A phobia is a type of anxiety disorder that causes an individual to experience extreme, irrational fear about a situation, living creature, place, or object.
When a person has a phobia, they will often shape their lives to avoid what they consider to be dangerous. The imagined threat is greater than any actual threat posed by the cause of terror.
Phobias are diagnosable mental disorders.
The person will experience intense distress when faced with the source of their phobia. This can prevent them from functioning normally and sometimes leads to panic attacks.
A phobia is an exaggerated and irrational fear.
The term ‘phobia’ is often used to refer to a fear of one particular trigger. However, there are three types of phobia recognized by the American Psychiatric Association (APA). These include:
Specific phobias are known as simple phobias as they can be linked to an identifiable cause that may not frequently occur in the everyday life of an individual, such as snakes. These are therefore not likely to affect day-to-day living in a significant way.
Social anxiety and agoraphobia are known as complex phobias, as their triggers are less easily recognized. People with complex phobias can also find it harder to avoid triggers, such as leaving the house or being in a large crowd.
A phobia becomes diagnosable when a person begins organizing their lives around avoiding the cause of their fear. It is more severe than a normal fear reaction. People with a phobia have an overpowering need to avoid anything that triggers their anxiety.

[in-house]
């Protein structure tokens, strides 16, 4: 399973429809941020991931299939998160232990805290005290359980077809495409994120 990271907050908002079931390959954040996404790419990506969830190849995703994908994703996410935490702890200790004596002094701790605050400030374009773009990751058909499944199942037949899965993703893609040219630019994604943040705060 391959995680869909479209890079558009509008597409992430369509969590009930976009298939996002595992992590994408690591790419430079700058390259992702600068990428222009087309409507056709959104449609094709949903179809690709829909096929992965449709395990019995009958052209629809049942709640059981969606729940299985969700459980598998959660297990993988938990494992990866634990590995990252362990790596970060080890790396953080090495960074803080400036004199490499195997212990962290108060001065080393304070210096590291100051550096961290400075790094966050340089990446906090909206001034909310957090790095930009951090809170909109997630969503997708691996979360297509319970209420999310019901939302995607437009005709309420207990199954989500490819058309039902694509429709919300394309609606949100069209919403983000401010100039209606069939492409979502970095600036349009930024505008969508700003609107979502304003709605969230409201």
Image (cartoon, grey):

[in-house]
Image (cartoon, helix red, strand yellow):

A person with a phobia will experience the following symptoms.
- a sensation of uncontrollable anxiety when exposed to the source of fear
- a feeling that the source of that fear must be avoided at all costs
- not being able to function properly when exposed to the trigger
- acknowledgment that the fear is irrational, unreasonable, and exaggerated, combined with an inability to control the feelings
- A person is likely to experience feelings of panic and intense anxiety when exposed to the object of their phobia.
- abnormal breathing
- accelerated heartbeat
- hot flushes or chills
- a choking sensation
- chest pains or tightness
- butterflies in the stomach
- pins and needles
- dry mouth
- confusion and disorientation
A feeling of anxiety can be produced simply by thinking about the object of the phobia. In younger children, parents may observe that they cry, become very clingy, or attempt to hide behind the legs of a parent or an object. They may also throw tantrums to show their distress.